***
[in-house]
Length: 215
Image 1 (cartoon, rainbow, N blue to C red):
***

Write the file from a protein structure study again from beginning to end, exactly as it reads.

[in-house]
Length: 215
Image 1 (cartoon, rainbow, N blue to C red):